Friday, February 19, 2016

Top Five Lines from Downton Abbey, S6:E7

We knew it couldn't last, right? Mary's happiness?

It's illusory.

Like a puff of smoke. A vapor.

Kind of like the wind that is blowing something fierce through the trees outside my house right now.

Mary was never meant to be happy. Right?

Or was she?

There are only two more episodes left, folks, and I don't know what's going to happen, but I'm sticking with my original prediction.

Because this.

(Sorry about the terrible picture quality. I clearly have tech issues.)

Anyway, Mary is delivering the worst possible news to poor Henry Tolbert (who, in case you're keeping score, lost his best friend and his girlfriend in one day), and who walks in to console her? TOM!!!

Just sayin'.

Anyway, I have to move on rather quickly (oh dear! I think I've been watching too much Downton!), so here we go with this week's Top Five Lines.

1. Dear Violet is just. so. angry. that she has to leave for a while. She thinks France will soothe her bruised ego and might allow her to actually look her daughter-in-law in the eye again.

So she divulges her plan to Isobel who discreetly proclaims, "Your self knowledge is an example to us all. .  . . How long will you be away?"

Violet replies, "Until nostalgia has smothered my fury." (Don't you just love that one?)

But there's more! Violet assures Isobel that she will pay a call on dear Larry's conniving fiance, Miss Crookshank before she leaves town. Gotta leave a little dust in her wake, I guess. 

Isobel suspects that Miss Crookshank is "quite a tough nut," but Violet is not worried. 

"And I am quite a tough nutcracker."

I'm sure you are, Violet. I'm sure you are.

2. Later, Violet meets with Miss C, just as she promised. And we have to wonder, has Violet met her match?

But not to worry. No little fiance of a two-bit loser like Larry is going to get under Violet's skin. She outs her for the little conniving brat that she is--the girl only wants Isobel to marry Lord Merton so that she won't have to take care of him!

"You’re a cool little miss, aren’t you?," says Violet. "I’d feel sorry for Larry if I didn’t dislike him so much."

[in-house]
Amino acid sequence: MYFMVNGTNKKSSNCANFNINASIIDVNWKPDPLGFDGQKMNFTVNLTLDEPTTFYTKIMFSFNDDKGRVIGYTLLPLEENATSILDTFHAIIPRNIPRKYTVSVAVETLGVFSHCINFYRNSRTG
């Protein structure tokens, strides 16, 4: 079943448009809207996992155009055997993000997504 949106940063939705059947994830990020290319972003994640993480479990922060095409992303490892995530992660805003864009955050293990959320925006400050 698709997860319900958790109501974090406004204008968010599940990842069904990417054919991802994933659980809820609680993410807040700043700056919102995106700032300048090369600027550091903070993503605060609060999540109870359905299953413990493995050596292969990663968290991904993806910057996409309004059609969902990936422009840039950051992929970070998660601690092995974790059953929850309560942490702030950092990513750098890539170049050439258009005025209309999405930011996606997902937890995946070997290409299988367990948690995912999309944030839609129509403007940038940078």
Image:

Miss Crookshank isn't deterred. "I shall forget you said that. But you should go now. Much more and we may feel awkward when we meet, as we are bound to do."

Violet, however, gets the last word, as usual. 

"I think not, Miss Crookshank. 
Not if I see you first."

3. If you've read here for a while, you know I love to travel. You meet the most interesting people along the way. Some are friendly; some notsomuch.

As a fellow traveler, I could not resist laughing so hard at this (final) line of Violet's.

"My reason for traveling is to make myself eager to come home. A month among the French should manage it."

4. How about Carson and Hughes alone in the house together? It looks like this is quite possibly the first time ever in twenty-five years that the two have had the house alone. Completely alone.

And what do those wacky newlyweds decide to do? Sit on the sofa!

Carson blusters about for a minute, not sure if he should take the time to just enjoy himself, but his wife (I still don't see them as married--do you?) convinces him to just sit down.

They sit.

Mrs. Hughes observes, "They don’t live badly, you have to concede."

But Mr. Carson must always keep things in "proper" perspective. (*killjoy*)

"They live as they are supposed to live. It has its burdens and its benefits."

But I love how Mrs. Hughes has a further observation. "Better than a life of just burden."

That's for sure! 

5. Finally, I have to congratulate Mr. Molesley for being smarter than an Oxford (or Cambridge) graduate. He passed his test with flying colors and it looks like he's headed toward a new career as a teacher.

As a long time Molesley fan, I couldn't be happier that this dear man is finally getting some recognition.

Daisy is happy for him, too. After a brief discussion about the future for those "in service," during which Molesley is beaming that he got a head start out of there, Daisy congratulates him.

"Well, I'm glad," she tells him. "You deserve it."

Humble Mr. Molesley. In a moment of self-reflection he laughs and says, 

"I never think I deserve anything. . . . 
Perhaps I’ve been wrong all along."

Oh yes you have been, Mr. Molesley. Yes you have.

6. I'm sorry, but this one was just too good to pass up. Did you not love the little trick that Mrs. Hughes played on Mr. Carson? I only wish I had thought of doing something like that early on in my marriage.

Oh wait. I did. It's called leaving three kids with my husband while I go out of town for the weekend. Ha! 

Anyway, Mrs. Hughes has had it with Mr. Carson's complaints about her dinners. It's HARD to get dinner on the table, especially after working all day. So she feigns a sprained wrist or something and tells her hubby that she couldn't possibly cook dinner tonight.

And Carson delivers the best line possibly EVER on DA:

You mean . . . I’m going to cook?

Yes you are, Mr. Carson. And you're going to LIKE it.


Bonus: This isn't so much a line, but one of my favorite moments of this episode.

Robert's turned into a Zombie!!

Not really. He's just gotten a huge surprise from his mother.

Isn't she adorable?! There's nothing like a lab puppy, take it from me. 

(Ten points if you remember the name of the new puppy.)

And with that, I'm out.

I'm heading to the Illinois State Speech Tournament tomorrow where my daughter will be performing in TWO events. I'm almost as pleased as Robert. 

Have a great weekend!

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